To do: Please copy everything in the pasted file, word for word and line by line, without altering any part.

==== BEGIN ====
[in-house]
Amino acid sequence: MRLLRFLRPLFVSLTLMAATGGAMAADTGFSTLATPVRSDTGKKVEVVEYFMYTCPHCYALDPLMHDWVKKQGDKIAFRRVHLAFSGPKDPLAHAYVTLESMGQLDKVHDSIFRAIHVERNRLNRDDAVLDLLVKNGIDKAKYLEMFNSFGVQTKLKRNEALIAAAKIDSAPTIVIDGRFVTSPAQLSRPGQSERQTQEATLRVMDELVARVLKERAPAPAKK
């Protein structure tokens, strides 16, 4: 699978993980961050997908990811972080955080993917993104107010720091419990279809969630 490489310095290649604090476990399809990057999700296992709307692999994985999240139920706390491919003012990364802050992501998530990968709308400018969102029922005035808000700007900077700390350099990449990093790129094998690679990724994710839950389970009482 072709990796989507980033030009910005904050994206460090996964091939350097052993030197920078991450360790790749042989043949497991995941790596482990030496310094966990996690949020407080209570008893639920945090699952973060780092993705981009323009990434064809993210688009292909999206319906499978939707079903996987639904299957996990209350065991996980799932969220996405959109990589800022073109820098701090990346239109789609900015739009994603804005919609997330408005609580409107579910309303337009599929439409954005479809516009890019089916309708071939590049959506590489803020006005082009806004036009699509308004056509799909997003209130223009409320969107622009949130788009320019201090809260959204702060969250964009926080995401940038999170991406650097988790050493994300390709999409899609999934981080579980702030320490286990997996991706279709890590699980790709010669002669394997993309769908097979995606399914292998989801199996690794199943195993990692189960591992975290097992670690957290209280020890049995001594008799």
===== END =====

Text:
[in-house]
Amino acid sequence: MRLLRFLRPLFVSLTLMAATGGAMAADTGFSTLATPVRSDTGKKVEVVEYFMYTCPHCYALDPLMHDWVKKQGDKIAFRRVHLAFSGPKDPLAHAYVTLESMGQLDKVHDSIFRAIHVERNRLNRDDAVLDLLVKNGIDKAKYLEMFNSFGVQTKLKRNEALIAAAKIDSAPTIVIDGRFVTSPAQLSRPGQSERQTQEATLRVMDELVARVLKERAPAPAKK
């Protein structure tokens, strides 16, 4: 699978993980961050997908990811972080955080993917993104107010720091419990279809969630 490489310095290649604090476990399809990057999700296992709307692999994985999240139920706390491919003012990364802050992501998530990968709308400018969102029922005035808000700007900077700390350099990449990093790129094998690679990724994710839950389970009482 072709990796989507980033030009910005904050994206460090996964091939350097052993030197920078991450360790790749042989043949497991995941790596482990030496310094966990996690949020407080209570008893639920945090699952973060780092993705981009323009990434064809993210688009292909999206319906499978939707079903996987639904299957996990209350065991996980799932969220996405959109990589800022073109820098701090990346239109789609900015739009994603804005919609997330408005609580409107579910309303337009599929439409954005479809516009890019089916309708071939590049959506590489803020006005082009806004036009699509308004056509799909997003209130223009409320969107622009949130788009320019201090809260959204702060969250964009926080995401940038999170991406650097988790050493994300390709999409899609999934981080579980702030320490286990997996991706279709890590699980790709010669002669394997993309769908097979995606399914292998989801199996690794199943195993990692189960591992975290097992670690957290209280020890049995001594008799």